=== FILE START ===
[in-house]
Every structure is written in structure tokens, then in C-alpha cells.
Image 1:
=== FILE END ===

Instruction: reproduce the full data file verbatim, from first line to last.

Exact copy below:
[in-house]
Every structure is written in structure tokens, then in C-alpha cells.
Image 1: